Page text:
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-by Bo Marchionte, Contributing Writer; Image: Pittsburgh’s offense was down to third-string quarterback Devlin Hodges. (Image Source: Frank Hyatt/College2Pro)
Pittsburgh, PA— Remember seeing Christie Brinkley driving that cherry red Ferrari 308 GTS in the hilarious comedy National Lampoon’s Vacation.
Let’s allow a pause for a moment to savor that iconic cinematic moment.
Wind blowing through her long blonde hair as the car purred down the interstate.
Stunning and sexy. That vision is embedded in anyone’s cranium who saw the 1980’s classic. Brinkley and that Ferrari represent an offense like that of the Kansas City Chiefs.
It is well-oiled machine. The envy of the entire league.
The Pittsburgh Steelers offense is more like the car Clark Griswold (Chevy Chase) drove across the country, destination Wally World. The Steelers are in transition trying to regroup without Ben Roethlisberger, Le’Veon Bell, and Antonio Brown.
The team dropped to 1-4 on the season after a heart-breaking loss to division rival Baltimore on Sunday.
In overtime, Ravens defensive back Marlon Humphrey punched the football out of the forearm of JuJu Smith-Schuster inside Steelers territory, leading to the game winning field goal by Justin Tucker.
“He made a great play,” Smith-Schuster said after the demoralizing loss 26-23.
Smith-Schuster was filled with emotion after Mason Rudolph suffered a horrific injury that forced him to leave the game. The fumble only made the loss hurt even more for the Pro Bowl receiver.
Rudolph laid unconscious as teammates gathered and kneeled around the second-year quarterback. Smith-Schuster anguished on the field as his teammate lay motionless.
“You hate to see anyone go down like that,” Nick Vannett said. “From what I’m hearing everything sounds good (health wise on Rudolph). So, that’s the biggest positive that came out of today.”
Roethlisberger is on IR with elbow injury. Bell is playing in New York for the Jets and Brown is currently a free agent. There are new faces amongst almost all the skill positions. The only thing that remains relatively unscathed is the offensive line.
Their offensive coordinator Randy Fichtner came up with a fabulous game plan last week against the Cincinnati Bengals. It had every formation available in his playbook. It fails to compare to the beautifully designed Ferrari, Brinkley drove, but at the end of the day the Steelers tasted victory.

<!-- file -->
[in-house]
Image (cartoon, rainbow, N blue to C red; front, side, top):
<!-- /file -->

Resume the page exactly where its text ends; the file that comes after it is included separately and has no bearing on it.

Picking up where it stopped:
The Wagon Queen Family Truckster is the best way describe the Steelers offense.
It isn’t a Ferrari, and no one is going to confuse Rudolph or Devlin Hodges for Mahomes, but damn they are moving the football consistently.
That was one hell of a car Griswold owned.
It was ugly. It was tough. It was durable. Got the job done.
It is not pleasant to the eyes, but it did make the cross-country voyage. It was launched over a road in Arizona, carried Aunt Edna (RIP) on the roof in a rainstorm, and got the family safely to Wally World.
Fichtner is basically dealing with those situations now.
He was dealt another blow to his offense when Rudolph left the game but the Family Truckster mentality kept it moving. Being down 10-0, in the first quarter, the offense kept battling, with the help of the Steelers defense holding in check the league’s No. 1 rushing attack in Baltimore. The Ravens averaged 205.8 yards rushing per game but managed only 138 against the Steelers defense.
“Awesome knowing these guys have my back,” Hodges stated after taking over when Rudolph left the game.
The offense did not miss a beat under his leadership at quarterback. He led the Steelers offense to their first lead of the game on a James Connor one-yard touchdown run.
Another drive helped put Pittsburgh up 23-20 with only 2:37 left in the game. The offensive game plan was still filled with all the new wrinkles implemented by Fichtner and surprisingly enough, the offense was still moving the football and getting first downs.
The rookie quarterback from Samford rushed twice for 20 yards and completed seven of his nine passing attempts for 68 yards.
The word ‘Family’ cannot be underestimated as well. Last week when Rudolph found rookie Diontae Johnson open on a 43-yard touchdown strike, the sidelines erupted in joy.
There wasn’t a sulking No. 84 miserable his statistics were not being fulfilled for his ego.
Smith-Schuster expressed genuine satisfaction seeing his teammate score, I watched intently from the press box to observe his demeanor. Smith-Schuster displayed total class, something that lacked from the 15-touchdown recipient from a year ago.
Or how about newly acquired Vannett, leaving his locker to walk a few feet over to offer encouragement to Smith-Schuster, who was visually shaken by the entire afternoon of events versus the Ravens.
People are going to look at the 1-4 record and presume the worst, but Pittsburgh played a damn good game with the hand they were dealt.
Pittsburgh was 1-4, in 2013 and finished 8-8, with an outside chance of the playoffs when the final week of the season was unfolding. The daunting task of repeating that finish will be tough, but not impossible.
The Steelers locker room has the attitude of nothing is impossible. That is the residue of a winning culture keeping things positive, even with a win-loss record that is out of whack compared to expectations.
Right now, Pittsburgh is making the most of their family station wagon.
To read more from Bo Marchionte at College2Pro.com, click here.
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